Brute Force Attacks: What They Are, How They Work, How to Prevent Them

PUBLISHED ON October 6, 2022
LAST UPDATED Oct 06, 2022

While brute force attacks aren’t new, they’re still one of the go-to methods for attackers to infiltrate corporate networks. A report showed a 671% increase in brute force attacks in just one week in June 2021, with 32.5 percent of organizations being targeted. 

Brute force attacks are common among cybercriminals because of their high success rate. Why are brute force attacks always successful? Bad actors can use computer programs to test an infinite number of possible username/password combinations until they find a match. With enough computing power (which has become much cheaper these days) and some patience, it’s easier than ever to crack passwords. 

With the right strategy, policy, and technology, you can stop these attacks from infiltrating your infrastructure. Let’s start with a comprehensive understanding of how brute force attacks work and then see what you can do to protect your organization. 

What Is a Brute Force Attack? 

Attackers use brute force attack methods to crack passwords, login credentials, and encryption keys. The trial-and-error approach is a deceptively simple yet reliable way to gain unauthorized access to employee accounts, which criminals can use to access an organization’s systems, networks, and sensitive data. 

Even though brute force attacks have been around for quite a while, the methods have evolved. Attackers have shifted from the good old “spray and pray” style to highly sophisticated techniques. They also strategically target users with extensive access privileges to attack partners, vendors, and other departments in the organization. 

Criminals may use brute force attacks for various objectives. These include stealing personal information, spreading malware, hijacking systems for malicious activities (e.g., DDoS attacks), ruining an organization’s reputation, rerouting website traffic to generate ad revenue, or placing spam ads on popular websites to make money. 

What is a brute force algorithm? 

A brute force algorithm isn’t confined to hacking. It’s a general problem-solving technique in computer science where brute-force or exhaustive search (also called generate and test) is employed to systematically enumerate all possibilities for a solution, then check if each candidate satisfies the problem’s statement. 

7 Types of Brute Force Attacks 

Attackers use different types of brute force attacks, depending on their motives, objectives, and target. Here are the most common types and how they work: 

1. Simple Brute Force Attacks 

This method exploits weak passwords or poor password hygiene, such as using the same username and password combo or personal identification number (PIN) codes for multiple accounts. A threat actor simply guesses the target’s login credentials manually without software. 

Attackers can also crack a victim’s password by researching the individual (e.g., on social media) because people tend to incorporate their spouses’ information, children’s names, favorite sports teams, important dates, etc., into their passwords. 

2. Dictionary Attacks 

Hackers test potential passwords against a target’s username, combining common words and phrases and substituting alphabets with special characters and numbers. This method also involves using passwords leaked in previous data breaches, which attackers can buy on the dark web.  

3. Hybrid Brute Force Attacks 

This method combines a dictionary attack with a simple brute force attack. To meet password requirements (e.g., include alphabets and numerics), people often add numbers to the end of a common word or phrase, with the number being a year that holds significance to them (e.g., birth or graduation year.) 

4. Reverse Brute Force Attacks 

Attackers start with a known password (e.g., obtained through a data breach) and search through a database of millions of usernames to find a match. They may also use a common weak password, like “password1234,” to attempt to find a match.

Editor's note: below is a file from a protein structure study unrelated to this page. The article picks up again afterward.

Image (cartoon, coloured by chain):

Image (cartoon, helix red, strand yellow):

5. Credential Stuffing 

Criminals use stolen usernames and passwords they bought off the dark web to attempt to log into various websites. Credential stuffing has a high success rate because many people use their login credentials repeatedly on everything from social media to bank accounts. 

6. Password Spraying 

This method often targets victims who use single sign-on (SSO) or cloud-based apps with federated authentication to circumvent lockout policies. Attackers start with a common password and apply it to different user accounts until they find a match to gain access to multiple platforms in one fell swoop. 

7. Botnets 

Criminals need a lot of computing power to carry out brute force attacks at scale. They hijack computers to execute the brute force algorithm to win the numbers game. This method allows attackers to save on costs while adding a layer of anonymity. 

The Most Common Brute Force Attack Tools 

Various brute force attack tools are available for different objectives, platforms, and protocols. Many can be downloaded for free on the open Internet, making it even more appealing for attackers to adopt this attack method. Here are some popular ones and how they work: 

  • Aircrack-ng: This WiFi password tool helps criminals crack various WiFi security protocols, including WEP, WPA, and WPA2-PSK. Criminals can also use it to attack WiFi 802.11 and any network interface card (NIC) with raw monitoring mode. 
  • THC Hydra: Attackers can use this password-cracking software against 30+ protocols for network authentication, including HTTPS, FTP, and Telnet. 
  • DaveGrohl: This tool can perform dictionary attacks against macOS X. Attackers can use the distributed mode to attack multiple machines with the same password hash. 
  • John the Ripper: Originally developed for Unix systems, this password-cracking tool is now available for over 15 platforms (e.g., Windows, OpenVMS, DOS.) It identifies hashing used in a password and runs it against encrypted password storage. 
  • Hashcat: Hackers can use this CPU-based password-cracking tool for Windows, macOS, and Linux to perform simple brute force, dictionary, and hybrid attacks.  
  • NL Brute: This brute force tool works against remote desktop protocol (RDP) to speed up the pace of scanning and cracking passwords. 
  • Rainbow Crack: This software generates pre-computed rainbow tables to reduce the time required to launch a successful brute force attack. 
  • Ophcrack: This open-source password-cracking tool for Windows uses rainbow tables and LM hashes to perform attacks.